The US Senate has set forth another initiative to tighten sanctions against Russia. The reason is the same: US sanctions against Russia should be tightened because of the country's actions in Ukraine and Syria, and also because of Russia's "interference" in the US election process.
This time, the authors of the initiative are chairman of Senate Committee on Banking, Mike Crapo, and Democrat Sherrod Brown. "Russia remains a hostile, recalcitrant power, deploying its military, cyber-enabled information espionage activities and economic tactics to harm the United States and drive a wedge between it and its allies," Crapo said. "We should strengthen, not weaken, Russian sanctions, and the president must work with Congress on a Russia policy that is clear-eyed about our adversaries and their behavior," Brown continued.
As we can see, the purpose of the sanctions is to make Russia friendly and submissive to the United States. The senators suggest imposing restrictions on such sectors of the Russian economy as mining, metallurgy and railway transport. In addition, they believe that the US should expand the already existing sanctions.
Clearly, the most recent move targets not only Russian, but also foreign companies that cooperate with them. The goal is to make such foreign companies either curtail or restrict their cooperation with Russia to avoid revenge from US Treasury and other supervising organizations.
It is worthy of note that Washington threatens to tighten sanctions against Russia on a regular basis. Earlier this year, Republican Senators John McCain and Lindsey Graham submitted a bill to expand sanctions against Russia under the pretext of Russia's interference in US elections. The bill has not been adopted still, but Mr. McCain set out a hope that US Congress would look into the matter in the near future.
In May, the US House of Representatives passed a bill that stipulated a possibility of sanctions for supporting the government of Syria. The Americans do not even try to conceal their objectives: "We will continue to tighten the screws on the Syrian regime and its most prominent backers, including Iran and Russia," Speaker Paul Ryan said in a statement.
A few days later, Democrat Senator Jeanne Shaheen said that she would submit proposals on additional sanctions against Russia. "The foot-dragging on Russian sanctions has gone on long enough," said Ryan Nickel, a spokesman for Shaheen. "There's bipartisan agreement that it's past time for the Senate to deliver a strong message to the Kremlin."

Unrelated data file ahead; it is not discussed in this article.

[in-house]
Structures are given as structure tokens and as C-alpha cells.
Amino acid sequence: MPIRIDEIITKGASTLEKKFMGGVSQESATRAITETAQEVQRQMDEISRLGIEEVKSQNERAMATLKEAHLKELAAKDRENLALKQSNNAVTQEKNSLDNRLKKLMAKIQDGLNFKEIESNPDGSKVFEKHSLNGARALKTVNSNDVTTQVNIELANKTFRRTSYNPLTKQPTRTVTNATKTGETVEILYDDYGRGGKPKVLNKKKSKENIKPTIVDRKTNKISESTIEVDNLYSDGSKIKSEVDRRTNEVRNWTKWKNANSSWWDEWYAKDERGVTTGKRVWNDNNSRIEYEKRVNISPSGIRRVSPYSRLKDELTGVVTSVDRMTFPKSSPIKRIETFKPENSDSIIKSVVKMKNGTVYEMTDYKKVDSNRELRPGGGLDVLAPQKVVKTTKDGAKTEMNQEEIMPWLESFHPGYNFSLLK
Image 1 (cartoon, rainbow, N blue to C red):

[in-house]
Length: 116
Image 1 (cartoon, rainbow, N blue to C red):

The Russian Foreign Ministry has responded to the latest initiative from US senators. "They will continue exploiting the subject about the "hand of the Kremlin" - this is a part of their domestic political games."
The USA will hold midterm elections to the US Congress next autumn. Many US publications suggested that the investigation of "Russian interference in US elections" could be extended before the elections to the Congress. For Democrats, this would be a chance to obtain a majority in the Senate and in the House of Representatives. As long as the topic has become a huge hit, with "sensations" coming in on a regular basis, they will not give up on it. Interestingly, the new "sensations" touch upon Donald Trump's ties with Russia, whereas "interference in the elections" is not even questioned - it has become an axiom for the Americans.
Obviously, if we resort to the wording from US senators, the United States of America is a hostile state to Russia. One can take into account hypothetical intentions of the administration of Donald Trump to establish, if not cooperation, then at least more pragmatic relations with Russia. Yet, it is impossible to resort to complicated internal affairs of the United States to explain Trump's problems. To crown it all, the White House does not even try to resolve the issue of sanctions against Russia.
Russia should respond accordingly to every anti-Russian move that the USA takes. If US officials want some headache for themselves, Russia may give it to them.
Read article on the Russian version of Pravda.Ru
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